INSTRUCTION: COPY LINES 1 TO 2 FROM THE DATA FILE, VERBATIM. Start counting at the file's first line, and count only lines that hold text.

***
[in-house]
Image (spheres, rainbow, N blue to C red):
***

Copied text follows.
[in-house]
Image (spheres, rainbow, N blue to C red):